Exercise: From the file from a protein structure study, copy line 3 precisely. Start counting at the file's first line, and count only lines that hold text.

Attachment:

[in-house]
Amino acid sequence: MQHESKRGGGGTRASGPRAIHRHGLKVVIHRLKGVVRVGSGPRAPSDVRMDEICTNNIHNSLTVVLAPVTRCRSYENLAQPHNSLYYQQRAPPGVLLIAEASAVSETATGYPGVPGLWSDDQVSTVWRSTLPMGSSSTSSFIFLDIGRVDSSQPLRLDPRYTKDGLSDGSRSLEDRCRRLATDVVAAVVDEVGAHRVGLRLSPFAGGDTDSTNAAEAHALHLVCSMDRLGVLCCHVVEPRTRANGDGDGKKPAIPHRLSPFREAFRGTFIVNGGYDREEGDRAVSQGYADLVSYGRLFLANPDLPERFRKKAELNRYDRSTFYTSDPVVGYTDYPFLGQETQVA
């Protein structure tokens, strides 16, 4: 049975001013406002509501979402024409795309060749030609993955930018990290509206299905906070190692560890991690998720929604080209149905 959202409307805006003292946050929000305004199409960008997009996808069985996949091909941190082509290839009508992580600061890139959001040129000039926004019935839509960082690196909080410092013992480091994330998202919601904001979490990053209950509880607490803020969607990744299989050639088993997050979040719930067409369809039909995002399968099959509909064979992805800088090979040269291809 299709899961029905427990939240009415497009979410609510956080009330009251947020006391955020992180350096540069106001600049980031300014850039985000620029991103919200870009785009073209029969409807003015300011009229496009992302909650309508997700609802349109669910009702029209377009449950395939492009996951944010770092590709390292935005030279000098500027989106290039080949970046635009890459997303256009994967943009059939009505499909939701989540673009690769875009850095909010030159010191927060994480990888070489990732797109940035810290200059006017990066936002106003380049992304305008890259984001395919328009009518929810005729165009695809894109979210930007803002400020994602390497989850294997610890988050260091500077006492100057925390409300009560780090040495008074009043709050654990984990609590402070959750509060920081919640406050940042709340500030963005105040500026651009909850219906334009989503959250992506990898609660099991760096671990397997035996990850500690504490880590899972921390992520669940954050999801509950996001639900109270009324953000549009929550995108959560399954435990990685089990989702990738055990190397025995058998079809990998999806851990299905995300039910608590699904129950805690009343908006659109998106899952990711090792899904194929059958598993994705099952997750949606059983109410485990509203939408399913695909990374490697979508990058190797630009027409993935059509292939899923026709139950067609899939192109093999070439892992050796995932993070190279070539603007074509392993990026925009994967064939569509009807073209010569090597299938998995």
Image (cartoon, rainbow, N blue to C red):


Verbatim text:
């Protein structure tokens, strides 16, 4: 049975001013406002509501979402024409795309060749030609993955930018990290509206299905906070190692560890991690998720929604080209149905 959202409307805006003292946050929000305004199409960008997009996808069985996949091909941190082509290839009508992580600061890139959001040129000039926004019935839509960082690196909080410092013992480091994330998202919601904001979490990053209950509880607490803020969607990744299989050639088993997050979040719930067409369809039909995002399968099959509909064979992805800088090979040269291809 299709899961029905427990939240009415497009979410609510956080009330009251947020006391955020992180350096540069106001600049980031300014850039985000620029991103919200870009785009073209029969409807003015300011009229496009992302909650309508997700609802349109669910009702029209377009449950395939492009996951944010770092590709390292935005030279000098500027989106290039080949970046635009890459997303256009994967943009059939009505499909939701989540673009690769875009850095909010030159010191927060994480990888070489990732797109940035810290200059006017990066936002106003380049992304305008890259984001395919328009009518929810005729165009695809894109979210930007803002400020994602390497989850294997610890988050260091500077006492100057925390409300009560780090040495008074009043709050654990984990609590402070959750509060920081919640406050940042709340500030963005105040500026651009909850219906334009989503959250992506990898609660099991760096671990397997035996990850500690504490880590899972921390992520669940954050999801509950996001639900109270009324953000549009929550995108959560399954435990990685089990989702990738055990190397025995058998079809990998999806851990299905995300039910608590699904129950805690009343908006659109998106899952990711090792899904194929059958598993994705099952997750949606059983109410485990509203939408399913695909990374490697979508990058190797630009027409993935059509292939899923026709139950067609899939192109093999070439892992050796995932993070190279070539603007074509392993990026925009994967064939569509009807073209010569090597299938998995």